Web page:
And I pointed out to people I knew and saying well look what’s happening in the U.S, there’s a global financial crisis triggered by mortgage debt in the U.S which couldn’t be repaid and the lenders finally got spooked and withdrew their willingness to lend and the universal thing was, Canada’s different. But I couldn’t find in several years of research and several years of talking to people, any reason why Canada would be different. The worst part about it is Canada’s bubble is actually quite a bit more stretched than the U.S ever was at the peak of the U.S bubble.

So, what would cause it? First of all, interest rates do not have to rise, there’s no rule that says interest rates have to rise. If you look at Japan, Japan peaked in 1989, prices are lower today in Japan than they were in 1989, two or three decades ago. And their interest rates were much, much lower than they are today in Canada. They’ve been below 1% for more than 20 years. So, interest rates are not necessary.

All it would need would be for a recession to hit Canada. And there always has been recessions and there always will be recessions. About every five to 10 years we have a recession. The one in 08/09 was very unusual because it was so mild, which means you have to go back quite a long ways to the last recession. Would it be in the early to mid 1990’s in Canada. But a recession, what happens in a recession? Well, people lose their jobs in a recession, that’s what happens. And so, then what happens is when people lose their jobs, they can’t pay their mortgage payments. And when people can’t pay their mortgage payments, what happens is the bank finds out. And the bank is not in the business of forecasting when people are going to stop making their mortgage payments. The lenders basically wait until after they start noticing people failing to make their mortgage payments and then they get concerned. And that’s when they start tightening up the rules.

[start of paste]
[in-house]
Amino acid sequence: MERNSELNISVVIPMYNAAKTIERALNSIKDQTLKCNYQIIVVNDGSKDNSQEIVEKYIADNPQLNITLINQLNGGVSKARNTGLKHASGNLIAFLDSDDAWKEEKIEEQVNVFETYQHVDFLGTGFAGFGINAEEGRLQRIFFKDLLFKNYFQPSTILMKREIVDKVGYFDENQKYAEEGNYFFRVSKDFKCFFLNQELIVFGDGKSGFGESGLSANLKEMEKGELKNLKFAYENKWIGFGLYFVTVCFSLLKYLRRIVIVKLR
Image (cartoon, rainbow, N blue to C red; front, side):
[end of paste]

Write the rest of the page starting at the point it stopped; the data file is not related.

Unfortunately lending, all over the world, not just in Canada, but all over the world, is what they call a pro-cyclical activity, which means that when things are great and the bubble is inflating, and everybody’s flying high, the lenders are willing to lend more money on easier terms. And the lenders will say to a young couple when they come in for approval of a mortgage, the couple’s looking at a $400,000 house. The lender will say, well you know with your incomes we could lend you seven, or $800,000. This happened, I know from talking to many, many young couples in Alberta, where I’m based, the bank would throw out that comment quite often. They would say we can get you up to a million dollars if you wanted.